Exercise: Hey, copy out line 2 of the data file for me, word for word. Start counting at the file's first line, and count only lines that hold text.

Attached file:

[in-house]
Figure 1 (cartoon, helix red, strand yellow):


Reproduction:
Figure 1 (cartoon, helix red, strand yellow):